It seems to me that the EFRA Committee and this morning’s debate must focus on what the world will look like in the next 30 or 40 years. We all know that the present global population of 6.5 billion will rise to some 9 billion by 2040. The World Bank says that global demand for food will double by 2030. Some 852 million people in the world today are chronically hungry; 2 billion people in the world today do not have enough to eat; and 2,500 farmers in India alone committed suicide this year because they cannot grow anything.

The world is running out of water and collapsing through poverty. Diet is changing across the world, particularly in China, where people are giving up eating rice as they move into the middle classes and prosperity and increasingly they are moving towards eating beef and western-type foods. Of course, that will mean that we must produce a vastly greater amount of those foods than we do at the moment. Furthermore, our strategic food reserves in the world are at a historic low. The figure eludes me, but I think that the strategic food reserve available to the world today is 30 days, which is the lowest that it has been for very many years indeed. In other words, it seems to me that, looking forward over the next 20 or 30 years, we are facing a massive food crisis that will affect all of us.

Of course, there is a read-across from food into other areas, such as climate change, which is another hugely important issue, the difference between east and west and the clash, if there is one, between ourselves and Islam. Those issues all interrelate and we should address them all holistically. I hope that the EFRA Committee will do so and that we will do so in this debate.

John Cummings (in the Chair) indicated assent.

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Mr. Gray: I notice, Mr. Cummings, that you are nodding. You are quite right in suggesting that we must focus entirely on the south-west and not range too widely. However, I merely made those few remarks as background information to what I am about to say with regard to farming in the south-west.

The counterbalancing aspect to those concerns about global food production must be our concerns about the environment. Of course, the change in the common agricultural policy in the past few years has increasingly been a move from subsidy for production, which came in after the war so that we could maximise the amount of food that we produced, to concern about the environment. Most of us much welcome that development. In the south-west, we desperately need to preserve the landscape and the environment, which all of us who live there love—it is why we live there. We are a small island, and we cannot afford to waste any of it, so we must be acutely aware of our environment. For example, I think of the south-west regional spatial strategy, which is imposing vast quantities of houses across our agricultural land in the south-west and doing a variety of other untoward things. We must be aware of that strategy and fight against it.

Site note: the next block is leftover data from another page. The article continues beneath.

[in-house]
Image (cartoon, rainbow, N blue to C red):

If our farmers in the south-west have historically been doing environmentally degrading things, we should stop them, but I am not aware of farmers who do things that are agriculturally degrading to the environment. Farmers are the guardians of our landscape. They are the people who truly understand and care about our landscape, and their interests depend on our preserving the landscape and countryside as it has always been. I do not believe that what they do is environmentally degrading, but if it has been, they must change their practices.

The pendulum seems to have swung excessively far in one direction. After the last war, we were told that the CAP had been introduced to maximise production—we needed food and wanted to become self-sufficient, so we needed to grow as much as we could. Over the years, that has gradually changed until, a few years ago, the CAP changed and the pendulum swung in entirely the opposite direction. Now, all that we are talking about is the environment and preserving the greenery. Many of the issues that the hon. Member for Somerton and Frome mentioned in his excellent speech come into this. One thinks of the pesticides directive that was passed so ignominiously last week by the European Union. If it became law in this country, it would desolate our arable land and reduce our arable production by a significant quantity.

On arable land, I think of the 10 m grass verges around all the fields in my area. I enjoy them very much, because I can ride around them, but is it sensible to reduce arable production by that much? Incidentally, simply allowing grass to grow around the edges of our fields does not seem to be all that environmentally sensible. We might as well just grow weeds. Are butterflies more important than starving people in India? That is the balance that we have to think about.

The hon. Member for Somerton and Frome mentioned the debate that we have been having in the past few years about badgers and TB. In my area, we have been decimated by bovine TB. Most sensible observers recognise the link between bovine TB in wildlife and that in cows. The Secretary of State recently decided, for his own